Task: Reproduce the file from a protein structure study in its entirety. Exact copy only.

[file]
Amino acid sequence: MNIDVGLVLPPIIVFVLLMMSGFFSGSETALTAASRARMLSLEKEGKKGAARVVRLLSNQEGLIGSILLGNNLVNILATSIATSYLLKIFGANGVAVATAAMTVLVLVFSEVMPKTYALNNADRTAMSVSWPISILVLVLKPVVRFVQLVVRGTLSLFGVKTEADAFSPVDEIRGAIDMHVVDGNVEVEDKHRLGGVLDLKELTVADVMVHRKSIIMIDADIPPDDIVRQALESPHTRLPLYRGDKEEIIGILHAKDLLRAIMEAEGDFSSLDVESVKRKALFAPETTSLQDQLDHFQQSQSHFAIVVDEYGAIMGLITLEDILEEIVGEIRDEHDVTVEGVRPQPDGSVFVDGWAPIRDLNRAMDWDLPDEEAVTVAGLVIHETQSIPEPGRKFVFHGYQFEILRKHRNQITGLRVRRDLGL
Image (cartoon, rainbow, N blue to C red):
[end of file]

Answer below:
Amino acid sequence: MNIDVGLVLPPIIVFVLLMMSGFFSGSETALTAASRARMLSLEKEGKKGAARVVRLLSNQEGLIGSILLGNNLVNILATSIATSYLLKIFGANGVAVATAAMTVLVLVFSEVMPKTYALNNADRTAMSVSWPISILVLVLKPVVRFVQLVVRGTLSLFGVKTEADAFSPVDEIRGAIDMHVVDGNVEVEDKHRLGGVLDLKELTVADVMVHRKSIIMIDADIPPDDIVRQALESPHTRLPLYRGDKEEIIGILHAKDLLRAIMEAEGDFSSLDVESVKRKALFAPETTSLQDQLDHFQQSQSHFAIVVDEYGAIMGLITLEDILEEIVGEIRDEHDVTVEGVRPQPDGSVFVDGWAPIRDLNRAMDWDLPDEEAVTVAGLVIHETQSIPEPGRKFVFHGYQFEILRKHRNQITGLRVRRDLGL
Image (cartoon, rainbow, N blue to C red):